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Alby Tukia has three older siblings, a niece, and cousins living in Tonga, who are “all safe”. Photo: KELLEY TANTAU

‘So much love’ after eruption

The Tongan community of Paeroa and Thames has already been enveloped with “so much love” following the Hunga Tonga–Hunga Ha’apai volcanic eruption.
But the attention now has to turn to ensuring the island nation is well equipped for at least the next six months, as a community leader reports of plantations being “wiped out” by the destruction.
In January, the explosive eruption of Hunga Tonga–Hunga Ha’apai set off an atmospheric shockwave and generated metres-high tsunamis.
The Tongan government has so far confirmed three deaths, and says all structures on the island of Mango were destroyed.
Alby Tukia, the president of the Tongan Community of Thames and Paeroa, has three older siblings, a niece, and cousins living in Tonga.
“They are safe, our land is inland, so we say: we are not the tsunami, we are the ash.”
Alby, who owns Grafton Cottages in Thames with wife Rachel, said when he heard of the eruption and tsunami on Saturday, January 15, he “didn’t really take any notice of it”.
The volcano had earlier erupted on December 20, 2021, and volcanic activity had continued throughout that week.
“I rang my mum [in Auckland] and asked if she had any news, but she said the [phone lines] were cut off. It wasn’t until Sunday morning when I woke up, and my niece in Tonga had sent me a video, when I broke down,” Alby said.
“When I saw my niece videoing at 6.30 at night, and the video was black and raining with rock… hearing her voice scared the sh*t out of me.”
Everything was brown, he said, and plantations had been “wiped out”.
“So, any help that Kiwis can give us is valuable, but we’re also asking [for help] for six

months’ time and 12 months’ time, too. All of the harvest is out now for the next six months, and 80 per cent of Tongan people get their income from the land and the sea.”
Alby, who lived in Tonga until he was 13, had fond memories of the island’s “fertile land”.
“Put it this way, when I ate watermelon there, I’d spit it outside of the door and I would have a watermelon there in the next two or three weeks. In New Zealand, you spit it out and nothing happens.” He said the country was “resilient”, and its people would “pick ourselves up and move on with a big smile on our face”.
Alby is the youngest of nine children, and after completing his schooling in Auckland, he moved to Palmerston North to play rugby. It was there he met his future wife, Rachel. The couple moved overseas, where Alby picked up rugby contracts in both North America and London.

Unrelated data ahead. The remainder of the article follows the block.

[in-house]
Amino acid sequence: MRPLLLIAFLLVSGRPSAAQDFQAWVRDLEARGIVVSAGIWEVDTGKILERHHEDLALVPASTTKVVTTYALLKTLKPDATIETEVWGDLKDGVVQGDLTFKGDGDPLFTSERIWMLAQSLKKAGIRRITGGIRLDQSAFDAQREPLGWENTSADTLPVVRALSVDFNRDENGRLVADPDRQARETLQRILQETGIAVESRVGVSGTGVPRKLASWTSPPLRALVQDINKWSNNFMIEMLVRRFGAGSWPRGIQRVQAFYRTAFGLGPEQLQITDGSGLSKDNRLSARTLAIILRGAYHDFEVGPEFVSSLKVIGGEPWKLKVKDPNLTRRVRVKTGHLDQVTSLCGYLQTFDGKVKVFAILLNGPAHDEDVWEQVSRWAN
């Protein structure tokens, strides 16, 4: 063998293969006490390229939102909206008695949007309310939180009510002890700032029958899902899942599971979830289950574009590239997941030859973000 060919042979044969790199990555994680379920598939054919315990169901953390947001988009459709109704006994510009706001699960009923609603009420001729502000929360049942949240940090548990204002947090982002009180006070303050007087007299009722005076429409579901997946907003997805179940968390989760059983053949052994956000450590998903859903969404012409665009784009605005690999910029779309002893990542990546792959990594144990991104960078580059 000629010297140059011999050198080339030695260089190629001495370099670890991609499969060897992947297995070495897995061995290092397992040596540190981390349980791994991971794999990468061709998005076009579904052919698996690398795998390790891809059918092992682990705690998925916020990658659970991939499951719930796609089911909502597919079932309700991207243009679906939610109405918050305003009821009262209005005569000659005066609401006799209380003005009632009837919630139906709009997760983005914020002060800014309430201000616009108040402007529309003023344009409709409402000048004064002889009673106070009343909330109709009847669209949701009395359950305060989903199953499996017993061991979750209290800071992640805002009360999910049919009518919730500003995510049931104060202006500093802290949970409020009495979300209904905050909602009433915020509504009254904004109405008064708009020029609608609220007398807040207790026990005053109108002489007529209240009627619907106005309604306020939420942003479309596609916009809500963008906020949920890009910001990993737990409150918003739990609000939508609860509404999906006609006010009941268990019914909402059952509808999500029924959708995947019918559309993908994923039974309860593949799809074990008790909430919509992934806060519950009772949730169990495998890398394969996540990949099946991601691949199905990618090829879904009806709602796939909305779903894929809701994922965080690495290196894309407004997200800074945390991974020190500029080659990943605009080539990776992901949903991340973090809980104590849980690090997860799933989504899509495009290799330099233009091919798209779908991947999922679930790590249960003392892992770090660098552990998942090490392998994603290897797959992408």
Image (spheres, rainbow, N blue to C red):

They ended up living in the United Kingdom for 10 years. But after arriving back in New Zealand and choosing Thames to settle down, he realised there was a small but strong Tongan community in the area.What started as just three families had since grown to 11, all residing around Thames and Paeroa, and all passionate about sharing their culture, Alby said.
“Since the time we got the Tongan Community running, it has turned into one amazing roller coaster.”The community participated in local Christmas parades for 2019 and 2020, showcasing the traditional dances tau’olunga and kailao. They also perform at cultural shows around the district.
“People ask us: ‘How do you make it look so big?’ – especially when you look at the Christmas parade. But we’re just loud and proud; we’re proud of who we are,” Alby said.
They’re now asking for residents to give back by donating what they can through Facebook.
They also put on a fundraising stall at Little Toke in Thames over the weekend, where they sold Tongan food and drink, and performed island songs.
“Everyone asks me: are you Kiwi, are you British, or are you Tongan? In my heart, I’m always going to be Tongan… but I am blessed to have New Zealand and England as my adopted countries, too,” Alby said. “And there’s so much love here from the community.”
DETAILS: To donate, visit the Tongan Tsunami Fundraising – Thames/Paeroa’ Facebook page.